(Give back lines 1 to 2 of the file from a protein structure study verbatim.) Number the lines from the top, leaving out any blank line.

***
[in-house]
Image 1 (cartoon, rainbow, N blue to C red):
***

[in-house]
Image 1 (cartoon, rainbow, N blue to C red):